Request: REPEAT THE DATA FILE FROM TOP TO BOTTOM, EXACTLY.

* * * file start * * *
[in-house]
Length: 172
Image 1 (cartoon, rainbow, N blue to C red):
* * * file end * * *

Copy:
[in-house]
Length: 172
Image 1 (cartoon, rainbow, N blue to C red):